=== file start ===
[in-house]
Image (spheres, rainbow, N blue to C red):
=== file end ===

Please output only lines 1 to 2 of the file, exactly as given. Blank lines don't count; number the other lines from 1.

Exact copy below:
[in-house]
Image (spheres, rainbow, N blue to C red):